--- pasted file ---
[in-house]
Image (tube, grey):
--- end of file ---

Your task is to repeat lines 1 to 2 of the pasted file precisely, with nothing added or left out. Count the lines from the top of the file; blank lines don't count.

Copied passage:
[in-house]
Image (tube, grey):